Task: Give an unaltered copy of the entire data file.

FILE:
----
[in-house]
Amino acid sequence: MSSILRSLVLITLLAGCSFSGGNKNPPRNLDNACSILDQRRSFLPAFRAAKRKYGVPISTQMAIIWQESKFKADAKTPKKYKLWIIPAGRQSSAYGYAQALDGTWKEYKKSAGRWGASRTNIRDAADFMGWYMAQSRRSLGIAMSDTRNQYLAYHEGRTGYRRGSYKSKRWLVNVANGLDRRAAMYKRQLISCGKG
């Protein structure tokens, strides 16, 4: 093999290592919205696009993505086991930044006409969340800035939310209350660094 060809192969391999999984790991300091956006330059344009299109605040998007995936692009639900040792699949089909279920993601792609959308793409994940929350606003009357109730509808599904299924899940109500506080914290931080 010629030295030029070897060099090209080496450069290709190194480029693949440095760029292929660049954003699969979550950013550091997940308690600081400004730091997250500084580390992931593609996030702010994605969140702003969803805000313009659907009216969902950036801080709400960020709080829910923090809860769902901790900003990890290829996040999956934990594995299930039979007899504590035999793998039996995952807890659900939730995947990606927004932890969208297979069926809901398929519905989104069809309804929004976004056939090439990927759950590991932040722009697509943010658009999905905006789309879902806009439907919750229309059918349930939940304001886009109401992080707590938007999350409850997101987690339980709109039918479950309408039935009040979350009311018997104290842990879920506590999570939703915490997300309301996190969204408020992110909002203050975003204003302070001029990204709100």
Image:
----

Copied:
[in-house]
Amino acid sequence: MSSILRSLVLITLLAGCSFSGGNKNPPRNLDNACSILDQRRSFLPAFRAAKRKYGVPISTQMAIIWQESKFKADAKTPKKYKLWIIPAGRQSSAYGYAQALDGTWKEYKKSAGRWGASRTNIRDAADFMGWYMAQSRRSLGIAMSDTRNQYLAYHEGRTGYRRGSYKSKRWLVNVANGLDRRAAMYKRQLISCGKG
């Protein structure tokens, strides 16, 4: 093999290592919205696009993505086991930044006409969340800035939310209350660094 060809192969391999999984790991300091956006330059344009299109605040998007995936692009639900040792699949089909279920993601792609959308793409994940929350606003009357109730509808599904299924899940109500506080914290931080 010629030295030029070897060099090209080496450069290709190194480029693949440095760029292929660049954003699969979550950013550091997940308690600081400004730091997250500084580390992931593609996030702010994605969140702003969803805000313009659907009216969902950036801080709400960020709080829910923090809860769902901790900003990890290829996040999956934990594995299930039979007899504590035999793998039996995952807890659900939730995947990606927004932890969208297979069926809901398929519905989104069809309804929004976004056939090439990927759950590991932040722009697509943010658009999905905006789309879902806009439907919750229309059918349930939940304001886009109401992080707590938007999350409850997101987690339980709109039918479950309408039935009040979350009311018997104290842990879920506590999570939703915490997300309301996190969204408020992110909002203050975003204003302070001029990204709100």
Image: